As September draws to a close, most of us are turning our minds away from the idea of gardening and are resigned to the fact that we won't be thinking green until warm weather rolls around again. But wait- don't put away the trowels and fertilizer just yet. The fact is, there's still another month left before your gardening duties are done. Fall is the perfect time to plant spring-blooming flower bulbs so that they'll bloom beautifully just when the weather begins to warm again.
Any seasoned gardener will tell you that now is the time to be planting some of the most beautiful flowers that nature has to offer. In fact, many flower buffs love this time of year because it gives them a chance to fill their gardens with spring-blooming flowers to be enjoyed next year. Some flowers that are designed for fall planting include daffodils, narcissus, tulips, crocus and snowdrops.
If you're new to the idea of fall bulb planting and you're wondering how to get started, the information here will help.
Most stores and plant nurseries put their fall-planting bulbs on display weeks in advance- usually in mid to late August, when it's truthfully much too hot to begin fall planting. While the ideal time for planting bulbs varies greatly by area, there are a few basic rules you can follow to help determine the correct time for you to plant in your state. The bulbs will need to be placed in soil that is around 60 degrees Farenheit six inches under the ground, so you'll need to do a little research to find out when that time will be in your particular climate. Generally speaking, cooler states should plant in September while gardeners in warm states can often wait until the end of December. Ask the employees at your local nursery for a recommended planting date in your area for the greatest chance of success.
If you do miss your recommended planting date, your bulbs can still be put into the ground- as long as the soil is not frozen solid. Do keep in mind that if you plant bulbs late, they will take longer to bloom and may not produce as many flowers or grow as tall as expected.
When buying bulbs for fall planting, choose carefully. The bulbs need to be in good shape so that you're sure to get a successful crop of flowers next year. Avoid bulbs that are shedding "dust" or that look especially dried out and tired, or those that show signs of mold. This can mean that it's an old bulb... and dust can even be a sign that the bulb has insects living inside it. You should also take care to avoid bulbs that have large stems already growing out of them; a small sprout is okay, but large stems aren't supposed to appear until spring, and planting bulbs such as these will result in a weaker plant (or none at all). Remember too that larger bulbs produce larger flowers, so pick your bulbs according to the size of flowers you're trying to grow.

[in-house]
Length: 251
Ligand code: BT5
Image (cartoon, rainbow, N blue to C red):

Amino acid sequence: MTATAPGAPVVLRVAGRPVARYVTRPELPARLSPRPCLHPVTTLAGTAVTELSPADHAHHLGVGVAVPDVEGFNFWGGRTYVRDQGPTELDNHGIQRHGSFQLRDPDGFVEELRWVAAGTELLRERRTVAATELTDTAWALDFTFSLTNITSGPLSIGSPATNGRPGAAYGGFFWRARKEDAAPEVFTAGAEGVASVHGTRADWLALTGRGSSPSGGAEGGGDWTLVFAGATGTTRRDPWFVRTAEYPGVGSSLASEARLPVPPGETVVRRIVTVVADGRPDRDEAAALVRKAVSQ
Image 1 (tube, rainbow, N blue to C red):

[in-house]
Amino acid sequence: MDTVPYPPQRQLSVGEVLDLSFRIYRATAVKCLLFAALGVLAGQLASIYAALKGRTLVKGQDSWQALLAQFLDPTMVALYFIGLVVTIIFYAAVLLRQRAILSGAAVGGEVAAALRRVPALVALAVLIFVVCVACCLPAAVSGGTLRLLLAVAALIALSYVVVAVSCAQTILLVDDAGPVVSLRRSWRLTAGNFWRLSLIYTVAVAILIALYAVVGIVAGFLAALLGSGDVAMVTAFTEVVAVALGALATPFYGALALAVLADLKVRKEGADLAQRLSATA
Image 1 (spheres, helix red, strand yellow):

Finally, don't forget that bulbs should be firm to the touch- squeeze them gently and make sure that you're not leaving a thumb print in the bulb when you do so. Bulbs that are too soft have already started to decay and will rot in the ground once planted.
Once you've selected your bulbs and the proper planting time has rolled around, it's time to get your hands dirty. Plant fall bulbs in loosely aerated soil- try turning over the flower bed with a pitchfork before you begin. Once the soil is ready, you can simply start planting. For best results, plant each bulb individually with the pointed end up. Bury each one three to four times deeper than its own height. As a general rule, keep three to six inches between bulbs, depending on their size. The larger the bulb, the more space it will need around it.
Cover the bulbs with a light layer of mulch once you've planted- this will help keep them warm as well as protect the soil from weeds in the coming months and in the early spring. You should also water the bulbs lightly to help start root production. Add fertilizer if you so desire.
As the winter months set in, the bulbs will have plenty of time to develop strong roots, and the period of cold months to come will provide the bulbs with the time they need to complete the biochemical processes required for flowering. With a little luck and attention to detail, you'll be rewarded in the springtime with the first- and healthiest- flowers of the season.